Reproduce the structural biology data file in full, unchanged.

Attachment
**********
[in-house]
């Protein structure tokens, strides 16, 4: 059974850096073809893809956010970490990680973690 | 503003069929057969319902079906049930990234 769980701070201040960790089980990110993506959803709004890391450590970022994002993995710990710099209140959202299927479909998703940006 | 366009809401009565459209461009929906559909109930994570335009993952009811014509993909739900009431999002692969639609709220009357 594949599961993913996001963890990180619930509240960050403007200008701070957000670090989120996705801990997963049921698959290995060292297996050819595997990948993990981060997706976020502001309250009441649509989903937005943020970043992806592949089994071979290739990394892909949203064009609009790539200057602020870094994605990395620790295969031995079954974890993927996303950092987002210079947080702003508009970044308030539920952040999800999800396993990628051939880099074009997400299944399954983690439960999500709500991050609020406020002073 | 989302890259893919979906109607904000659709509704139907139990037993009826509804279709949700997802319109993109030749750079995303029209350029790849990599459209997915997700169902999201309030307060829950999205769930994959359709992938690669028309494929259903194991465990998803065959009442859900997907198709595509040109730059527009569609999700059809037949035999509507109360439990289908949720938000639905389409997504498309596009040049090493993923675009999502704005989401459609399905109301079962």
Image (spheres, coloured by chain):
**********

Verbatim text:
[in-house]
């Protein structure tokens, strides 16, 4: 059974850096073809893809956010970490990680973690 | 503003069929057969319902079906049930990234 769980701070201040960790089980990110993506959803709004890391450590970022994002993995710990710099209140959202299927479909998703940006 | 366009809401009565459209461009929906559909109930994570335009993952009811014509993909739900009431999002692969639609709220009357 594949599961993913996001963890990180619930509240960050403007200008701070957000670090989120996705801990997963049921698959290995060292297996050819595997990948993990981060997706976020502001309250009441649509989903937005943020970043992806592949089994071979290739990394892909949203064009609009790539200057602020870094994605990395620790295969031995079954974890993927996303950092987002210079947080702003508009970044308030539920952040999800999800396993990628051939880099074009997400299944399954983690439960999500709500991050609020406020002073 | 989302890259893919979906109607904000659709509704139907139990037993009826509804279709949700997802319109993109030749750079995303029209350029790849990599459209997915997700169902999201309030307060829950999205769930994959359709992938690669028309494929259903194991465990998803065959009442859900997907198709595509040109730059527009569609999700059809037949035999509507109360439990289908949720938000639905389409997504498309596009040049090493993923675009999502704005989401459609399905109301079962």
Image (spheres, coloured by chain):